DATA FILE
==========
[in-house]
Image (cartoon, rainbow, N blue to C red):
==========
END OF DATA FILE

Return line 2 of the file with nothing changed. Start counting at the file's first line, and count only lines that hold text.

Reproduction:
Image (cartoon, rainbow, N blue to C red):